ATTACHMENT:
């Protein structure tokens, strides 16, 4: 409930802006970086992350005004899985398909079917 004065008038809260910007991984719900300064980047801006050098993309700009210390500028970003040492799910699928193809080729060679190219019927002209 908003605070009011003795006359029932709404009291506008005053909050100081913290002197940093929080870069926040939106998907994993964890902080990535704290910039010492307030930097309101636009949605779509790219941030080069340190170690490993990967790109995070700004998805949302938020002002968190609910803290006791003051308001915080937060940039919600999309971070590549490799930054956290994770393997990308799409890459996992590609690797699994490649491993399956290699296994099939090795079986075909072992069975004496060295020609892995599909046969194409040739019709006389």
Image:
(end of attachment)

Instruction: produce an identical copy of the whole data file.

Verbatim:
């Protein structure tokens, strides 16, 4: 409930802006970086992350005004899985398909079917 004065008038809260910007991984719900300064980047801006050098993309700009210390500028970003040492799910699928193809080729060679190219019927002209 908003605070009011003795006359029932709404009291506008005053909050100081913290002197940093929080870069926040939106998907994993964890902080990535704290910039010492307030930097309101636009949605779509790219941030080069340190170690490993990967790109995070700004998805949302938020002002968190609910803290006791003051308001915080937060940039919600999309971070590549490799930054956290994770393997990308799409890459996992590609690797699994490649491993399956290699296994099939090795079986075909072992069975004496060295020609892995599909046969194409040739019709006389």
Image: